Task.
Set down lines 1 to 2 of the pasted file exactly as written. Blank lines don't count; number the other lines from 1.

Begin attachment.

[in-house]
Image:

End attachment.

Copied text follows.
[in-house]
Image: